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A collection of dentistry and health related links/comments to start your day.
Medicaid changes on the horizon for Arkansas dentists
Medicaid changes on the horizon for Arkansas dentists
A North Little Rock oral surgeon who was paid $100 per hour to be a Medicaid watchdog said he doesn’t remember rejecting a single claim out of the tens of thousands he reviewed over the past decade. And in an interview, he said he won’t deny any claims in the future if he is asked to review them.SoundBite Dental Hearing Aid Now Also for Conductive Hearing Loss
As an oral surgeon, Dr. Robert Jolly Jr. relies on referrals from dentists. As an oral-surgery consultant assisting the Arkansas Department of Human Services, Jolly was tasked with evaluating dentists’ claims and either approving them - fully or partially - or denying them.
From July 2008 through April 2011, for example, Jolly was paid $100 an hour to review claims. He collected $17,030 during that period, according to the department.
A department official said Friday that her agency was unaware, before being contacted by the Democrat-Gazette, that Jolly was unwilling to reject claims.
“We didn’t hire him thinking he was going to say ‘yes’ to all of them. That was not our expectation,” said department spokesman Amy Webb.
In part because of complaints of abuse in the Medicaid dentistry program, the Department of Human Services will retool its oversight system for dentistry claims after a longtime consultant criticized the agency and the state dental association.
It will take several months to create a new process and details are still being worked out, Webb said.
Sonitus Medical has received FDA clearance for a second indication for its innovative dental hearing aid, the SoundBite. In addition to single-sided hearing loss, for which the company previously received FDA and CE approvals, it is now also approved in the U.S. for treating conductive hearing loss.New Study Implicates Environmental Factors in Autism
This further establishes SoundBite’s position as an alternative to bone anchored surgical implants, while another indication, mixed hearing loss, should also follow soon. In the meantime, the SoundBite system has yet to come to market, with a planned U.S. release sometime early this fall.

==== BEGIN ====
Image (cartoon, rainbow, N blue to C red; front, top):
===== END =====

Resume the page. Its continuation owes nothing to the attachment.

A new study of twins suggests that environmental factors, including conditions in the womb, may be at least as important as genes in causing autism.Advice on Tweeting for New Medical Residents
The researchers did not say which environmental influences might be at work. But other experts said the new study, released online on Monday, marked an important shift in thinking about the causes of autism, which is now thought to affect at least 1 percent of the population in the developed world.
“This is a very significant study because it confirms that genetic factors are involved in the cause of the disorder,” said Dr. Peter Szatmari, a leading autism researcher who is the head of child psychiatry and behavioral neuroscience at McMaster University in Ontario. “But it shifts the focus to the possibility that environmental factors could also be really important.”
As recently as a few decades ago, psychiatrists thought autism was caused by a lack of maternal warmth. And while that notion has been discarded in favor of genetic explanations, there has been growing acceptance that genes do not tell the whole story, in part because autism rates appear to have increased far faster than our genes can evolve.
“I think we now understand that both genetic and environmental factors have to be taken seriously,” said Dr. Joachim Hallmayer, an associate professor of psychiatry and behavioral sciences at Stanford and the lead author of the new study, which is to be published in the November issue of Archives of General Psychiatry.
Other experts have cited factors like parental age, multiple pregnancies, low birth weight and exposure to medications or maternal infection during pregnancy.
The medical residents starting their training today belong to a generation that doesn’t think twice about broadcasting even intimate details of their lives via texts, Twitter and other social media.
That can get tricky when those doctors’ lives begin to include patients.
To help spark discussions of how residents can negotiate this new ground, the folks at the Mayo Clinic Center for Social Media have put together a video with advice from doctors who are active on Twitter, blogs, Facebook or other forms of social media.
The project “was born from this idea that there are currently no well-defined guidelines about digital behavior” for physicians, says Bryan Vartabedian, a pediatric gastroenterologist at Texas Children’s Hospital in Houston who appears on the video and who blogs at 33 Charts. “Our initial goal is to initiate a dialogue about professionalism by physicians” who have an online presence he tells the Health Blog.
Privacy violations are one big pitfall. While it’s desirable for physicians to discuss patient cases, when they do so on Twitter or Facebook they have to “recognize that they are having a conversation in a hallway, not in a conference room with the door closed,” says Victor Montori, a Mayo endocrinologist and medical director of the clinic’s social media center.
Even discussing patient cases without using names or identifying details is troublesome, says Vartabedian, because patients may see a post or Tweet and recognize themselves, particularly if it’s a rare or embarrassing condition. (He recently blogged about just such a case.) Not only might those details violate patient confidentiality, they erode trust and professionalism, he says.